Spam emails sent by hackers from compromised Gmail and Hotmail accounts is on the rise.
According to a report released by Commtouch, the number of spam emails sent from hacked email accounts significantly increased between the second and third quarters.
The company released the statistics under The State of Hacked Accounts report, which provides details on the theft, abuse and recovery of Gmail, Yahoo, Hotmail and Facebook accounts.
The report reveals that people’s email accounts get hacked even if they don’t think that they are doing anything risky on the web. The company also claims that 62 percent of the people were not even aware how their account had been hacked.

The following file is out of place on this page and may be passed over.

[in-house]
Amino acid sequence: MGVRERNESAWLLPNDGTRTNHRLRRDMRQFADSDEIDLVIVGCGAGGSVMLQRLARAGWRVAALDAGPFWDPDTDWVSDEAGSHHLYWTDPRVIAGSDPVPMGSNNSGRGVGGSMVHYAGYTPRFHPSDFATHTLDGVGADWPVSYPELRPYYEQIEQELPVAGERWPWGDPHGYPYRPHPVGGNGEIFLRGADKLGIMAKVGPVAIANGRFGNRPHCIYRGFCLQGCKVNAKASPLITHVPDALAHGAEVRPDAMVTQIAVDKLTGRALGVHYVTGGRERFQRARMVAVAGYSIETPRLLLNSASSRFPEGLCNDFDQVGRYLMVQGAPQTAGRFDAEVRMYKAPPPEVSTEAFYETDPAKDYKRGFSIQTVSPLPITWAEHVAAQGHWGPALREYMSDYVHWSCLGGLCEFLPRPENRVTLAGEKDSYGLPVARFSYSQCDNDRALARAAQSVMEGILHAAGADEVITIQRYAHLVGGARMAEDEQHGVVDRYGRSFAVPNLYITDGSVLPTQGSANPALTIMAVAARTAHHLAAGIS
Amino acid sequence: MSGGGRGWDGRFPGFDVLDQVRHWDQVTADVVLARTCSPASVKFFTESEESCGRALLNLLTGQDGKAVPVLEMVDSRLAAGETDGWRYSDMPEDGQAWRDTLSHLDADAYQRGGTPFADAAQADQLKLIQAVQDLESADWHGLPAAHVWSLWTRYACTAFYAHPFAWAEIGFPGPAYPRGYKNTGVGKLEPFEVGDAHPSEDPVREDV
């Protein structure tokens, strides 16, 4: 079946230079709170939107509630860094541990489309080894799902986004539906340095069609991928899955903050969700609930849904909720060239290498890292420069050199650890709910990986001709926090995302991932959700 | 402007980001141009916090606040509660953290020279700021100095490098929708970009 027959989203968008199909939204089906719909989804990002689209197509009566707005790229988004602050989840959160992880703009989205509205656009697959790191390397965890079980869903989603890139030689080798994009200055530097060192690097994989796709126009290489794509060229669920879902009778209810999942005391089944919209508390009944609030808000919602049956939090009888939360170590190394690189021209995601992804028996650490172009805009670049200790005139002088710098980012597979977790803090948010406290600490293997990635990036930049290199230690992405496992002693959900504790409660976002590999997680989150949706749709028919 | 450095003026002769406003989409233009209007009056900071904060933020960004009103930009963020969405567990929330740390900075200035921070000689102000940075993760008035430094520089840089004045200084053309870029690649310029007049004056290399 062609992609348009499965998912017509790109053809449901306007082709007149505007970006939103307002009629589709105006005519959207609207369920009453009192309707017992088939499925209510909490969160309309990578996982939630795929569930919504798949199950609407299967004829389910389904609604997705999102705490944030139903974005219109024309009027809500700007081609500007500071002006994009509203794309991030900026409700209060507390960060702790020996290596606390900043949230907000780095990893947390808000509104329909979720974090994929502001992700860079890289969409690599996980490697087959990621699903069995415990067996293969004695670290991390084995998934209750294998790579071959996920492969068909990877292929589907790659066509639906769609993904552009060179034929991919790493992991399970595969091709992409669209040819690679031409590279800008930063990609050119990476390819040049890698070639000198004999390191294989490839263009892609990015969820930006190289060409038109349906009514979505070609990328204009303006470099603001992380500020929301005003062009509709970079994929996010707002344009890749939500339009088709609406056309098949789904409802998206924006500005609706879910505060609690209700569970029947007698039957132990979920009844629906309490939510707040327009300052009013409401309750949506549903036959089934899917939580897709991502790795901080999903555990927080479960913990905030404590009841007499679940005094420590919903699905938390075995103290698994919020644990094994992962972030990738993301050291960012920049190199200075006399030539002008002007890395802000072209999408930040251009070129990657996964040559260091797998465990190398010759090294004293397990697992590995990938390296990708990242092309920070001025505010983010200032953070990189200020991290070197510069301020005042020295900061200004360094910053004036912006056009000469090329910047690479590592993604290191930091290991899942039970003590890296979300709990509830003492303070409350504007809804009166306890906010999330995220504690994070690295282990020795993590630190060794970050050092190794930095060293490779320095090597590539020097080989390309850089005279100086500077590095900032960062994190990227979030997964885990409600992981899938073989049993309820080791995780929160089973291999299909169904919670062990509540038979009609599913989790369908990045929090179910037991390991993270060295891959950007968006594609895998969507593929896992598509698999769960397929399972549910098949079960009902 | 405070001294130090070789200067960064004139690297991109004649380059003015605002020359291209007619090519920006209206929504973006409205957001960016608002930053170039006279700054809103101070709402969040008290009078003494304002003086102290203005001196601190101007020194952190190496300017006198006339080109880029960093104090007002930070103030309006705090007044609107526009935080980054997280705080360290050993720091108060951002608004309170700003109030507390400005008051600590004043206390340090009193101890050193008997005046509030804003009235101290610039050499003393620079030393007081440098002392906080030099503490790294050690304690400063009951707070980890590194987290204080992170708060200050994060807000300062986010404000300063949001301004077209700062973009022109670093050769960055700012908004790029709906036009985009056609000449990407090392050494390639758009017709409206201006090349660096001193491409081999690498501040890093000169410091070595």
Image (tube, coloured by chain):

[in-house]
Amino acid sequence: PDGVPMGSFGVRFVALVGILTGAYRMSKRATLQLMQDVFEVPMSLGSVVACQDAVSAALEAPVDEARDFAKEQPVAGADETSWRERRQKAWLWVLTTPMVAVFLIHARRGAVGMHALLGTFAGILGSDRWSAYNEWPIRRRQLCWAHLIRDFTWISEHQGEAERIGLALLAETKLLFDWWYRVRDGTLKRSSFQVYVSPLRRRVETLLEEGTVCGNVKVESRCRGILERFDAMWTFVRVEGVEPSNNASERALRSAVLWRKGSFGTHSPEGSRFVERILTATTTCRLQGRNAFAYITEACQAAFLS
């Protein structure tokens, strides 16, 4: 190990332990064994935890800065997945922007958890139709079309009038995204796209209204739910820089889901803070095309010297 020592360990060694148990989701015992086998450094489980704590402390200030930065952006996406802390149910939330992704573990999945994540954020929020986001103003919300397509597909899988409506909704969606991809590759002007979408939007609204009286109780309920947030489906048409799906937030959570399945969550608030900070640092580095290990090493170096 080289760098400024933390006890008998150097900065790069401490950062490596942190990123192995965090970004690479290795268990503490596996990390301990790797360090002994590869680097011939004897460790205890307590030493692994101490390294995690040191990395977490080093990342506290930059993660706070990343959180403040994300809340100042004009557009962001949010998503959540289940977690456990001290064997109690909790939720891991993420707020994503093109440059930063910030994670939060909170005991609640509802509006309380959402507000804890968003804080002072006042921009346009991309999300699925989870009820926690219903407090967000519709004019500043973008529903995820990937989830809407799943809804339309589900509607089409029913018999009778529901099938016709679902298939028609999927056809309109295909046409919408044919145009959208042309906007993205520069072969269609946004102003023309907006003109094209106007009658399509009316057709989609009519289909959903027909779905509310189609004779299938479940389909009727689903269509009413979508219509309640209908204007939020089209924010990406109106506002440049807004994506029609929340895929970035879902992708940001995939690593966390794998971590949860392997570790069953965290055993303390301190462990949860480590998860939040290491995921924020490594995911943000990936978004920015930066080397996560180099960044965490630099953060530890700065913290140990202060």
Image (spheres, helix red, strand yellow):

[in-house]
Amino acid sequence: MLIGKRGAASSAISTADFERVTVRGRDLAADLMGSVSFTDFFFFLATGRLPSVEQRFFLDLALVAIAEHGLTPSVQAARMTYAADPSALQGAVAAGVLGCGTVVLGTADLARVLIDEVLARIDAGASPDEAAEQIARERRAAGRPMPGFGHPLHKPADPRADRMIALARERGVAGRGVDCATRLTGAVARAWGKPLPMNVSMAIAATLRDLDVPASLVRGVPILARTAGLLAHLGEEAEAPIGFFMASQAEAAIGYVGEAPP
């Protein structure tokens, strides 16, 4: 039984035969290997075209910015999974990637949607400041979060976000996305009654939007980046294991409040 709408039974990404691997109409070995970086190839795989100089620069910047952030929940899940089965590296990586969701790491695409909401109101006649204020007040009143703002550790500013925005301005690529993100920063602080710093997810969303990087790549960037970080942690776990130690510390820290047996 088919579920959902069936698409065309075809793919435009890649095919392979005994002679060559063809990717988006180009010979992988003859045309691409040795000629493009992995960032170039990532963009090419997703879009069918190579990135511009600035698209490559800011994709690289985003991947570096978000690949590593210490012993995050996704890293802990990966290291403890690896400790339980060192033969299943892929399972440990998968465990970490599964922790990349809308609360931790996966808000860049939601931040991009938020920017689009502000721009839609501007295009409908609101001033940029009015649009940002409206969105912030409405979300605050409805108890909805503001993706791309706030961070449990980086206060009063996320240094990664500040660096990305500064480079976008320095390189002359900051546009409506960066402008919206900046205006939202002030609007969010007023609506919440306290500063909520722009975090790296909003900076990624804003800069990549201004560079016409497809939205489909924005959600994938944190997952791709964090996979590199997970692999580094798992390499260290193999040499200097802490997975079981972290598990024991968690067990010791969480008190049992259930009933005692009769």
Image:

Commtouch reports that less than one third of users noticed their account had been hacked and more than 50 percent relied on friends to make them aware their accounts had been hacked.
Meanwhile, 15 percent of people were under the impression that their accounts got hacked after they used a public computer or public Wi-Fi network.
“Commtouch’s poll reveals that more than two-thirds of all compromised accounts are used to send spam and scams,” said Commtouch’s chief technology officer, Amir Lev.
“This is not surprising, as cyber criminals can improve their email delivery rates by sending from trusted domains such as Gmail, Yahoo, and Hotmail, and enhance their open and click-through rates by sending from familiar senders,” he added.